In-Depth

Integrating Bing Maps With WPF

Released in January, version 1 of the Bing Maps Windows Presentation Foundation (WPF) Control allows you to integrate mapping functionality directly into WPF applications. The downloadable SDK, which contains the library binaries and programming reference, provides some good examples to get you up and running, but moving beyond the sample code requires a bit more effort. In this article, I'll present additional examples that you can adapt to produce beautiful, interactive visualizations of geographical data.

The best way to see where I'm headed is to take a look at Figure 1. It shows a demo WPF application with a Bing Maps Map control, three Button controls and a ListBox control. After the application launched and the embedded Bing Maps map object was initialized to a view of the entire globe, I clicked on the first button labeled Center-Zoom. This programmatically centered the map to latitude 47.6421 and longitude -122.1420 (which is the location of the building where I work in Redmond, Wash.) and then zoomed the map view in to a level of 17.


[Click on image for larger view.]
Figure 1. A new control/library allows developers to add Bing Maps functionality to a WPF application.

Next, I double-clicked on the map in the traffic intersection near the middle of the map. Behind the scenes the application fetched the XY coordinates of the mouse click within the WPF application window, computed the XY coordinates within the map, and determined the corresponding latitude and longitude of the click. Then the application placed a red marker dot on the map at the exact location of the double-click, and two blue marker dots to the right of the double-click. As each dot was added to the map, the latitude and longitude coordinates were stored with it. Then the application connected the first red dot to the two blue dots using a solid orange straight line and two dashed purple curved lines.

Next, I clicked on the button labeled Display Data. The code in the associated event handler read a tiny data source of three items that had latitude and longitude information, and then displayed those three data items as yellow marker dots. Notice that my mouse is hovering over the top-most yellow dot (the mouse pointer wasn't captured by my keyboard PrtScn so I pasted in a fake icon image) and the location of the dot is displayed in a ToolTip box.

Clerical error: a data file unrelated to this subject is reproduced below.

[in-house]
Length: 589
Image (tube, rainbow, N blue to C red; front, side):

In the sections that follow I'll walk you through the code that produced the screenshot in Figure 1. I'll also offer some advice on when to use WPF and when to use a Web-based approach. With this knowledge, you'll be able to extend my demo program and create sophisticated visualizations using your own geographical data.

Setting up the Application
To begin, launch any version of Visual Studio that contains the Microsoft .NET Framework 4 and the Windows SDK. You might need Administrator privileges, depending on your environment. If you're currently using an older version of Visual Studio, you can download a free edition of Visual Studio 2010 Express, which contains these prerequisites. Your development machine must be able to connect to the Internet so the map control in your WPF application can access the Bing Maps servers. You also need a Bing Maps key; you can get one for free from the Bing Maps Account Center. Finally, you need the Bing Maps WPF Control from the Microsoft download site. A default installation will likely place the single library DLL in the C:\Program Files (x86)\Bing Maps WPF Control\V1\Libraries directory, but you can place the DLL elsewhere if you wish.

After Visual Studio launches, click File | New | Project and then select the C# WPF Application template and specify a Location (such as C:\BingMapsAndWPF) and a Name (such as Demo). Make sure you have the .NET Framework 4 library selected from the dropdown menu at the top of the New Project dialog box. After your project is created, right-click on the bolded project name in the Solution Explorer window, select Add Reference from the context menu, and then use the Browse tab to go to the Microsoft.Maps.MapControl.WPF.dll library and click OK.

In the file MainWindow.xaml, add the following XML namespace reference below the template-generated xmlns namespace entries:

xmlns:m="clr-namespace:Microsoft.Maps.MapControl.WPF;assembly=
  Microsoft.Maps.MapControl.WPF"

Next, increase the size of the overall WPF Window by setting the Height attribute to 600 and the Width attribute to 1,000. Now you can insert the Bing Maps map by placing this code between the <Grid> and </Grid> tags:

<m:Map x:Name="myMap" CredentialsProvider="YourKeyGoesHere" Mode="Aerial" 
  Margin="300,0,0,0"/>

The x:Name attribute can be any legal identifier, but "myMap" is a reasonable choice. Notice that I set a Margin of "300,0,0,0" to provide 300 pixels of non-map control space on the left edge of the main WPF window. I changed the default background color of my Grid container by adding a Background="Wheat" attribute. At this point you should test your application by hitting the F5 key to build and launch the app; a lot can go wrong and it's always better to find errors sooner rather than later.

To finish setting up the application, drag three Button controls from the Toolbox window onto the WPF design surface. Change their Content properties to Center-Zoom, Display Data and Clear Map. Drag a ListBox control onto the design surface and resize it so that it's large enough to display messages.

Changing the Map Properties